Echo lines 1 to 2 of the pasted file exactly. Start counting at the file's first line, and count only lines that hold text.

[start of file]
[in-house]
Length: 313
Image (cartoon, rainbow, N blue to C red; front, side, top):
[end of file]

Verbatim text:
[in-house]
Length: 313